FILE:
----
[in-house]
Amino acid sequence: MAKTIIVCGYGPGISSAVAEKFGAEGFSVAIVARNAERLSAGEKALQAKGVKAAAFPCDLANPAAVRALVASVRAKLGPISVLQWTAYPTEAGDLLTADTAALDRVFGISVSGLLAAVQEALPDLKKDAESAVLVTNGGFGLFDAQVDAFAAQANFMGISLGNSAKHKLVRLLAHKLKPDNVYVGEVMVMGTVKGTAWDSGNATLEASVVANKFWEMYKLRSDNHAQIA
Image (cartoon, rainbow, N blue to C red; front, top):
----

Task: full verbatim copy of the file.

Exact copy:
[in-house]
Amino acid sequence: MAKTIIVCGYGPGISSAVAEKFGAEGFSVAIVARNAERLSAGEKALQAKGVKAAAFPCDLANPAAVRALVASVRAKLGPISVLQWTAYPTEAGDLLTADTAALDRVFGISVSGLLAAVQEALPDLKKDAESAVLVTNGGFGLFDAQVDAFAAQANFMGISLGNSAKHKLVRLLAHKLKPDNVYVGEVMVMGTVKGTAWDSGNATLEASVVANKFWEMYKLRSDNHAQIA
Image (cartoon, rainbow, N blue to C red; front, top):